Depth and DensityThe most important characteristic of snow to water managers and hydrologists is its water content. However, depth is of interest to many people also.
Our data collection equipment measures the weight of the snowpack, and therefore its water content.
DensityNew-fallen snow can range in density depending on the air temperature and intensity of the storm. In California, densities of 12% are common. This means that for every 10 inches of snow that accumulates, it will melt to a pool of water 1.2 inches deep.
After it falls, it settles and compacts. The snowpack gets less and less deep, but the snow doesn't melt or go anywhere. Rather, its density increases. When conditions are cold, such as at high elevations in January, it will compact until its density is around 33%. As time goes on, and more snow falls on top, the snow beneath will further compact. At this point, varying levels in a column of snow will have different densities.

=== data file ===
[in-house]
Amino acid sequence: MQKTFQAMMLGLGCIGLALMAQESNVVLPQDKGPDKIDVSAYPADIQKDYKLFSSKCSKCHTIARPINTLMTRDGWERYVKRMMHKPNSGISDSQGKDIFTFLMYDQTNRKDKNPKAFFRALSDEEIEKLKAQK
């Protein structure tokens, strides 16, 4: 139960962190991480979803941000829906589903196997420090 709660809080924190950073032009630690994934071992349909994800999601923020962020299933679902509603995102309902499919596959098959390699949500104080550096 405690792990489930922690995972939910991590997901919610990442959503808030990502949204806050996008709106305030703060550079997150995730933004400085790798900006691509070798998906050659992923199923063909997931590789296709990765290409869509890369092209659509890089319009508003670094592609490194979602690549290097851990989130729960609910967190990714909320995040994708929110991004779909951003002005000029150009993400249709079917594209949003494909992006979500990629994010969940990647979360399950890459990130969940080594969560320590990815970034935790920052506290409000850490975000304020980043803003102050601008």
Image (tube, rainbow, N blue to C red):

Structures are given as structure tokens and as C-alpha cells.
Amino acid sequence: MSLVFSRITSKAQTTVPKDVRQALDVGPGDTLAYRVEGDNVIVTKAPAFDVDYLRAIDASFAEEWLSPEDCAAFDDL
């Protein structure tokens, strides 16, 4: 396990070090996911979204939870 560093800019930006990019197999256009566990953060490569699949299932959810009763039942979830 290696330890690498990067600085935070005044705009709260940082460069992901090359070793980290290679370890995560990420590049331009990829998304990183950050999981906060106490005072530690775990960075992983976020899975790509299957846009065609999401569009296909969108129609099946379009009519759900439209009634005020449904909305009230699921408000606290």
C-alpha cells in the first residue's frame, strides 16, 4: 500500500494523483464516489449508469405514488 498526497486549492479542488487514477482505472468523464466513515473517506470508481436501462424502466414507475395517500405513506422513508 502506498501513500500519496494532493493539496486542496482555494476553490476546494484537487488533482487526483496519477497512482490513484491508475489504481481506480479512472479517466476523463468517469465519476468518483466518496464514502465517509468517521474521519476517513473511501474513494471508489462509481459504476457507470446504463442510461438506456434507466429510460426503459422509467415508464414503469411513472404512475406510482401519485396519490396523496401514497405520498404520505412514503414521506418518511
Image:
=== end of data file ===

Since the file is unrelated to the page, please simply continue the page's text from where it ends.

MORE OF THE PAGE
Therefore, snow depth is a fleeting indicator of the snowpack. By obtaining a measure of the water content of the snow, which doesn't change unless more precipitaion occurs or the pack melts, we have a good handle on how the rivers will react in the spring.
DepthBy examining field measurements of depth and water content from the past 90 years, we have a general idea of how deep the snowpack is for a given water content each month.
Snow depths on an average-weather year can be approximated by multiplying Snow Water Content values reported near the first of the each month by the following factor:
January 3.0 February 2.8 March 2.5 April 2.25 May 2.0After May, the snowpack will probably remain at slightly above 50% density as it melts. Rain falling on this ripe snow may accelerate its melt rate, but the intense sunshine of late spring and summer is the principal melting energy source.
California Cooperative Snow Surveys